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Intellectual property rights, southern innovation and foreign direct investment

  • Anuj J. Mathew


    (School of Economics and Business Administration, University of Navarra)

  • Arijit Mukherjee


    (School of Economics, University of Nottingham)

While empirical evidence shows considerable innovative activities by the Southern firms, these activities have been ignored in determining the relationship between Southern patent regime and foreign direct investment (FDI) by the Northern firms. We show that whether a stronger Southern patent regime increases a Northern firm's incentive for FDI depends on the innovative capability of the Southern firm, the degree of product differentiation and transportation cost. If either the cost of Southern innovation is sufficiently low such that the Southern firm innovates irrespective of the Southern patent regime and the production strategy of the Northern firm, or the Southern firm's cost of innovation is moderate such that it innovates only under a stronger Southern patent regime, a stronger Southern patent regime may reduce the Northern firm's incentive for FDI. For all other costs of Southern innovation, a stronger Southern patent regime increases the Northern firm's incentive for FDI.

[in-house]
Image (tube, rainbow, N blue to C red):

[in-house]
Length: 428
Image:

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Paper provided by School of Economics and Business Administration, University of Navarra in its series Faculty Working Papers with number 15/09.

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Length: 31 pages
Date of creation: 05 Dec 2009
Date of revision:
Handle: RePEc:una:unccee:wp1509
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